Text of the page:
Then we could look at it from a larger perspective, from a global political perspective, asking whether anything has changed. It doesn't seem to me that anywhere in all of this there's any hope for the movement of the social. Where would the social movement get a kickstart again from these events? Clearly the Islamic extremists have nothing to offer to both camps, certainly not to disaffected governments in the non-Islamic world. There's no movement in a social aspect to the thing at all, except inadvertently. The attack was carried out against a big symbol of global capital, and for a moment some people on the left convinced themselves that this was a blow against global capital, and that somehow — even if it was carried out by a bunch of fascists — somehow it was going to help start socialism again.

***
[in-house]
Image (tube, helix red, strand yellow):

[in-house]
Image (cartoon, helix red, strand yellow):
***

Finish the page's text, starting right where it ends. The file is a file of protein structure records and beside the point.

SA: Well, for a very short while it did seem to be a wake-up call for a lot of people on the left as well, and that they were going to get over this whole '89 end-of-history thing indeed. But it seems to have petered out very quickly.
PLW: It did, because there's absolutely no structure.
SA: Yes, and it's funny because it seems to be a parallel of how this whole new world order idea has likewise petered out immediately — like you say, nothing's going to change in the world order, or not that I see it.